The movie credits save Crawford for last and so we did, too. After her marriage in 1956 to Pepsi-Cola CEO Alfred Steele, she concentrated less on her movie career (apart from The Story of Esther Costello, 1957) and dabbled in television, having relocated to New York City. When he suddenly died of a heart attack in 1959, the happiness she thought she'd finally found evaporated. But more than that, their expenditures in building a glamorous apartment and the inheritance that went to his prior wife left the fifty-four year-old actress in dire financial straights.
Jean Peters, a frequent star of Negulesco's films, had been off-screen for four years in self-imposed retirement and was slated to come back in this supporting part, but ultimately begged off. Crawford, in need of a career jump-start (not to mention a decent salary) stepped in ten days before shooting began. Negulesco had directed her in Humoresque (1946) and producer Jerry Wald was a close friend. She understood that it was a secondary role (in the book even less so, just a villainess for the girls to hate), but saw that it was also nonetheless meaty. The book described her character as having copper-colored hair pulled into a chignon and that's the way she showed up for work. She the part her complete attention, particularly in a scene which had her character in a bar after one too many drinks.

To her dismay, the scene - some shots of it from the trailer are seen here - was trimmed out of the picture due to length. (Some reports say that the scene was only added to the screenplay in order to get her to sign on for such a smallish part and that it was never intended to be included in the final print. I find this difficult to believe for the simple reason that in the movies, time is money, and they went to the expense of a set, costumes, actors, crew, etc... to complete the sequence, but never had any intention of using it??) Someone please unearth this footage!!!!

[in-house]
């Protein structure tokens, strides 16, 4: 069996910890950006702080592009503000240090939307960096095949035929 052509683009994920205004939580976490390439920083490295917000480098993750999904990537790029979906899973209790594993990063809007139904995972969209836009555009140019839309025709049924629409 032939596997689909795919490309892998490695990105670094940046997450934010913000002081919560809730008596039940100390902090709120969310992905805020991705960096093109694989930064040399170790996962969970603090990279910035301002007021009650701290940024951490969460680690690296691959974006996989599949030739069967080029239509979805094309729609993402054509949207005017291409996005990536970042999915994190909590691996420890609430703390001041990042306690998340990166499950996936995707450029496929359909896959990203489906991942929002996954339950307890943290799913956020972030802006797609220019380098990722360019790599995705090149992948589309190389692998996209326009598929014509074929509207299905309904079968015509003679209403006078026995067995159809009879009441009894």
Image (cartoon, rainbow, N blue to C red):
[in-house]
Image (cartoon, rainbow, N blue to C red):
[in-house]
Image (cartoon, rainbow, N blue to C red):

In any case, the shoot was a strain for the still shell-shocked widow and while sometimes she was in tears and vulnerable, other times she was assertive, sometimes to her own detriment. For example, she was supposed to be an on-screen hostess for the movie's trailer, but when they went to film it and she wouldn't remove a sizable Pepsi bottle from the shot (she was now on the board of directors of the company), she refused to continue. (Not sure why she and bit player Hutchings are clasping hands here!)

Then there was the infamous power struggle with Lange in which Crawford left her office and went to close the door to it with Lange still inside, but Lange wanted to be the one to close the door after Crawford exited. The veteran star balked at having the momentum of her exit hampered and raised the point only to have Negulesco give top-billed Lange the right to close the door. That pretty much closed the door on her relationship with Lange, too!

Not too long after this, Crawford's career was reignited by What Ever Happened to Baby Jane? (1962) and that film's success (in which she had profit-sharing) put her back in good stead, though her attention from then on was divided between Pepsi and acting in movies and on TV. When both were out of her life, by around 1972, that was it. By 1974, she'd basically secluded herself from the public eye and was gone in 1977 of a heart attack at age seventy-two.